4 Strategies to Doubling Your Hourly Rate

By | January 12, 2015

Kool Derby

The hourly rate you charge depends on the value you provide to your customer. Most of you are interested in earning a higher hourly rate for the work that you do. However, interest alone is insufficient. You have to demonstrate that you deserve a higher level of pay.

The first step is to calculate your current hourly rate, even if you are paid a salary. An annual salary of $40,000 translates to the following:

  • $3,333 per month
  • $833 per week
  • $19 per hour

Therefore, $80,000 per year equals the following:

  • $6,667 per month
  • $1,667 per week
  • $38 per hour

Now that you have an idea where you stand, you can start taking action to improve your economic status.

#1: Select an organization that rewards top-performers.

Some government employees tell me that increasing their pay is too difficult because the system is rigid and based mostly on years of working experience. If you work for an organization or industry that restricts the pace of raises, I recommend looking for a different career. The approach I am recommending here is to double your hourly rate in a year or two, and not in 40.

#2: Look for opportunities to become an expert in a particular area. In my case, I decided to pursue project management.

The first step was to become a Project Management Professional (PMP). With that credential, I set out to teach others the concepts and theories particular to managing projects. Once you have the credential, you have to take action. The more you become an expert in your field, the more you can control your hourly rate. In other words, you can demand a higher rate because your customers are highly satisfied with the caliber of your work.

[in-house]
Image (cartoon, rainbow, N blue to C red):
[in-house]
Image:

#3: Look for opportunities outside your day-to-day employment.

I understand that adding more work to your busy schedule can be demanding. However, your services might be of interest to others, and they might be willing to pay premium rates. For example, a person with the talent to edit videos can charge $80 per hour or more, and an HR consultant may request $100 for services rendered. In essence, company leaders are open to outsourcing work, and they are interested in hiring people with knowledge of industry best practices.

#4: Create one talk or speech you can give to anyone who wants to listen, and who is willing to pay for it.

The point here is that you have something that others consider of value. For example, I once heard Dan Kennedy, a professional speaker and marketing guru, state that he created his $1,000,000 talk. His goal was to deliver that speech until he made one million bucks. While he thought it would take more than five years, he reached the goal in less than two. Interestingly, he had to overcome a noticeable stuttering problem to effectively deliver the talk.

In the calculation above, you set the goal to $38 per hour. By following the strategies mentioned here, you can reach that milestone within a couple of years, if not faster. Once you have momentum, keep using the doubling approach, which means that $38 is your new number. When you double $38, you now are earning $76 per hour, and $76 doubles to $152 per hour. At that pace, your annual salary surpasses the $300,000 mark. The key is to focus on the hourly rate because that is a number you can control.

You will experience challenges along the way, to be sure. Stay committed to improving the service value you provide to your customers. You want to help them improve their bottom line. When you do, they will be happy to share it with you.

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